The glass was expensive throughout the Tudor period; therefore glazed windows of any size were something that only the very wealthy could afford. The houses of the very poor had windows that were covered with shutters, these being made out of wood or horn. It was the way that glass was made that gave it such high a price, though where it was used the buildings with windows would be much lighter and airier than those without.
Tudor Windows Designs
The glass manufacturing process was not only time-consuming it was a long and drawn-out process. The fact that it was so difficult to make is what made it so expensive. For a typical Tudor window, a piece of molten glass would be blown into a cylindrical bubble, this would then be placed onto a table to cool. Once cool enough the bubble would then be cut, which would produce small panes of glass.
A number of these small pieces, which were often diamond-shaped would be joined together with lead to make a complete pane. These windows had a very distinctive lattice pattern and were used to create windows known as casements which mean that they were hinged so that they could be opened outwards to let air inside the room.
Did the Tudors have glass windows?
The glass was rare and expensive in the Tudor period and had to be mostly imported. It was, therefore, restricted only to the rich upper-classes. In a. ordinary Tudor home, a piece of molten glass was blown to form cylindrical bubbles which would be cut into small pieces and used in the windows.
Tudor House Windows
If glass could not be afforded, for example in poor Tudor homes, it was common for other items to be used in its place. Materials used included thinly sliced and polished horn, decorative shutters and even paper was used. The traditional criss-cross windows style that we associate with the Tudor period was more common in homes of people with a higher income. Still, the windows would be small in order to keep down the expense of having them.
Like with most things during the Tudor period, the more money you had the more you liked to be able to show off your wealth. Tudor manor houses and mansions were generally fitted out with large windows. Not only did this show the population that the owner was wealthy and powerful, it also made for a better living environment as the rooms would be filled with natural light.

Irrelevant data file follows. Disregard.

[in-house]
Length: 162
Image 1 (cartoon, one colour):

What were Tudor windows made of?
Tudor windows and doors were mostly made of wood and various metals. Apart from them, thinly cut horn that was polished up and used. Sometimes, even paper was used in middle-class homes to decorate the windows.
Tudor Window Types:
The Tudors had several types of windows, but the most popular were –
- Tudor Casement windows – multiple windows were stuck together to form one window which was called casement window.
- Transom windows – they were horizontal structures with a bar or a beam separating the window from the door.
- Bay windows – They were windows that projected outwards with one central window and two other smaller or narrower windows on its either side that created a semi-round appearance.
Tudor Window facts
The glass was first used on doors and windows during the Tudor period. Large pieces of glass were rare and expensive and therefore, the window panes were small, held together with a zig-zag pattern of frame called the ‘lattice’.
Many people could not afford glass at all, so they used horns and cloth. Wood was also widely used mostly to make the shutters. However, the usage of glass slowly became widespread. Glass windows made the interior of the houses light up and airier.
The Hardwick was an excellent specimen of glass windows, where the clever usage of glass produced a remarkably beautiful effect on its wide and numerous windows. The Hardwick Hall was owned by Elizabeth, Dowager Countess of Shrewsbury.
Tudor Window Development
While the glass was rare at the start of the Tudor period by the end glass was being widely used for glazing windows. Traditional windows of the time were tall and narrow, consisting of small diamond-shaped panes which were led together to make a full pane. Over time the panels of glass could be made a little larger and were rectangular in shape. These are the panes which are most often seen on the larger houses from the time.
Having a glazed window in itself was a statement about your worth, but for those that could afford it, the ostentation didn’t end with the use of glass. The heavy wooden window frames themselves would be decorated, carved with intricate patterns, the Tudor rose being incredibly popular. Intricately carved wooden supports would also be used beneath the windows which projected from the upper floors of the house.
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